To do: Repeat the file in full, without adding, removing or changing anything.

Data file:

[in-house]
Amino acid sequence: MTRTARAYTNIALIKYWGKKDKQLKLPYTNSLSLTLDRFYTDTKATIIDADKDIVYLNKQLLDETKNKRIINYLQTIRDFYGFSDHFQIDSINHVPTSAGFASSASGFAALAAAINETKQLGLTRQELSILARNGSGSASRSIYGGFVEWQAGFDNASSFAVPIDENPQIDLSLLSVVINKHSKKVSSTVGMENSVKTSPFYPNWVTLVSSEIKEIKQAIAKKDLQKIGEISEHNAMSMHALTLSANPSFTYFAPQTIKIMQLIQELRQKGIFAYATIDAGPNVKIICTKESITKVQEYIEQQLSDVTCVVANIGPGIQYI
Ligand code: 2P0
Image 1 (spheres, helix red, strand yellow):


[in-house]
Amino acid sequence: MTRTARAYTNIALIKYWGKKDKQLKLPYTNSLSLTLDRFYTDTKATIIDADKDIVYLNKQLLDETKNKRIINYLQTIRDFYGFSDHFQIDSINHVPTSAGFASSASGFAALAAAINETKQLGLTRQELSILARNGSGSASRSIYGGFVEWQAGFDNASSFAVPIDENPQIDLSLLSVVINKHSKKVSSTVGMENSVKTSPFYPNWVTLVSSEIKEIKQAIAKKDLQKIGEISEHNAMSMHALTLSANPSFTYFAPQTIKIMQLIQELRQKGIFAYATIDAGPNVKIICTKESITKVQEYIEQQLSDVTCVVANIGPGIQYI
Ligand code: 2P0
Image 1 (spheres, helix red, strand yellow):